#13 2014

PEN International's declaration on digital freedom

“PEN recognizes the promise of digital media as a means of fulfilling the fundamental right of free expression.”

Everyone has the right to express themselves freely through the digital media without fear of reprisal or persecution. This is the key message in PEN International’s manifesto which was adopted by the PEN Congress
 in South Korea
 2012. PEN is now taking the battle for freedom of speech to the digital arena.

The Tor project

After a number of years when dictatorships and espionage agencies seemed to take control of the web, we’re now facing a counter movement. Today, we know much more about the reach and effects of ongoing government surveillance, and there is a new

Cat and mouse, dog and Ouroboros

“Dictators learn faster than internet users.” This is the sad view of the future of the internet. But is this actually true? For many years, China has been the prototype for countries trying to control and censor the

The art of creating internet without any internet

In Cuba it is forbidden for citizens to have their own internet connection. If you want to read your e-mail or surf the net, you are directed to use public internet connections in internet cafés, universities or internet

NSA’s espionage can aid dictatorships

At one point it looked like a number of totalitarian states and systems would succeed in closing the door that the internet had opened for freedom of speech. This was met by a new wave of “hacktivism” and software for activists. And with Edward Snowden's disclosures, attention is now turned to the surveillance activities of

To write and to live in the shadow

The first blog was started in Iran in the beginning of 2001. Since then, the blog culture within the country has grown and there are over 70,000 blogs by Iranians, both inside and outside the country. What are these blogs

Heckling the powerful in Belarus

Freedom of speech is greatly limited in Belarus. Since 2006 the country has been included in the Reporters Without Borders’ list of ”Internet enemies.” The Belarusian author and blogger Jauhen Lipkovich describes his experience of

Ten countries where Facebook has been banned

On 4 February 2014, Facebook celebrated its 10th anniversary. The social networking giant now has over 1.23 billion users, but there are still political leaders around the world who don't want their country to have access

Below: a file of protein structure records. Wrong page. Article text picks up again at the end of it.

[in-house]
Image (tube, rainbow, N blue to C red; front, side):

N’existe Pas

For many years Bruce Sterling has been writing about the battle for freedom on the internet, a subject he first wrote about in the highly acclaimed book The Hacker Crackdown in 1992. In this book, Sterling predicts that the

Egypt’s digital opposition has reached its “critical mass”

Social media played a central role in the popular uprising in Egypt. But the new rulers, regardless whether they belonged to the Muslim Brotherhood or the military have done their very best to take control of the digital domain—with help of European

“Digitocide”: the new way to silence the masses

Twitter and YouTube were recently closed down in Turkey. Platforms for citizen journalism and websites of non-governmental organisations have fallen victim to the Turkish government’s attempts to shut down their user

The fifth column, dissidents and a shrinking internet

The Russian president Vladimir Putin recently stated that internet was actually created by the CIA and that Russia needed to build its own internet. It is obvious that the battle for freedom of speech in Russia and other

Ammar 404 is dead. Long live Ammar 404!

Tunisia is in 133rd place out of 180 in the Reporters Without Borders Press Freedom Index 2014. The journalist and human rights activist Afef Abrougui writes here about the phenomenon Ammar 404, which is the error message

Welcome to the goldfish bowl

It has been obvious for some time now, perhaps 20 years or so, that the struggle for the freedom of speech is being waged in the digital world. What we see happening today, however, is yet another shift in the digital balance of power.

It was in the 1990s that digital freedom of speech was first debated, and the emergence a new medium produced a number of rather too optimistic future scenarios.. It was claimed that this new decentralised communication network would be impossible to control; totalitarian states would be overrun by the freedom of information. It is important to note that many of these developments really were cause for optimism. One of the reasons that the Soviet Union rotted from the inside out was their prohibition of personal computers and restrictions on computer use. During the “Velvet Revolution” in what was then Czechoslovakia, the democratic opposition used simple computer modems to spread information over the telephone network. The security services were never able to understand that the digital birdsong they heard on the wire signalled the downfall of the dictatorship. For a decade or so, the situation was resembled the great breakthrough for the free press in the 18th century. Governments could no longer control the new medium, the inexpensive book or website fulfilled the same function with more and more people gaining access to information.

But eventually there was backlash, as in the wake of the enlightenment. The Chinese began to methodically develop new censorship techniques, which essentially put the entire country of China behind a second great wall. The world's major telecommunication companies, including Siemens and the Swedish Telia, shamelessly assisted dictators in countries such as Iran or Belarus by monitoring and mapping dissidents. It was as if an iron curtain once again had descended on the world.